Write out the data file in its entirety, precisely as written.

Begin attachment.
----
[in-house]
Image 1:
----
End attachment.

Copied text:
[in-house]
Image 1: